May 16, 2019 Plant Tags, Growing Zones, Luigi Fenaroli, Charles Theodore Mohr, University of Winnipeg, Sara Teasdale, May, Wild at Home, Hilton Carter, Fall Blooms, the Kentucky State Flower, and Goldenrod

Do you know what to look for on a plant tag?
 
The first major thing I look at is growing zone.  Often the plant tag will give a range for the growing zone like 5-9 or 3-7.  This is why knowing your growing zone is key.  If you don't know, you just need to ask someone at the garden center -they should know what growing zone you are in.
 
Now, as an experienced gardener, let me tell you what happens to me a few times every summer. 
 
I see a plant at my garden center. I fall in love with it.  I look at the tag and whaddya know - it's not for my zone.
 
So, I put it back.  If it's not for my zone, it will not be able to handle the winter temperatures here.
 
I really don't like it when garden centers pass these plants off to unsuspecting gardeners. 
 
We've all done this - bought a plant that won't survive over winter because we forgot to check the tag.
 
Sometimes, when I do catch a plant that is being sold that is not for my zone, I channel my inner gingerbreadman - "ha ha ha- you can't catch me!"
 
So know your zone... and check those plant tags for growing zones.
 
 
 
 

 


Brevities

 

#OTD It's the birthday of Luigi Fenaroli born today in 1899. 

 
Fenaroli Is known for his book Flora of the Alps and Other Mountains, as well as his work on chestnut varieties.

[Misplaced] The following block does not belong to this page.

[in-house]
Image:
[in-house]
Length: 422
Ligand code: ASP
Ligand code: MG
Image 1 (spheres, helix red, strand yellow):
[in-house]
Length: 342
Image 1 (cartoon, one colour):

#OTD On this day in 1901 The botanist Charles Theodore Mohr wrote a letter expressing his relief at completing his major work – a book called Plant Life of Alabama.
 
"With the completion of this life work, a  big weight has been lifted off my shoulders and I feel free to take on other tasks. As long as there is work, I will go to Tuscaloosa to the Herbarium which I helped start 20 years ago.  Completing my work on the herbarium is my botanical goal for the remainder of my life."
Mohr wrote those words two months before his death.
 
At the time his book was published he was seventy seven years old.
 
Mohr spent decades gathering the information and plant specimens for his work. He was a trained pharmacist and one of Alabama's first botanists.
 
Born in Germany and educated in Stuttgart, Mohr traveled the world before settling in Alabama.  He collected in Surinam, emigrated to the United States in 1848, took part in the California gold rush, lived briefly Mexico, Indiana, and Kentucky.
 
In 1857 he started Chas. Mohr & Son Pharmacists and Chemists in Mobile, Alabama.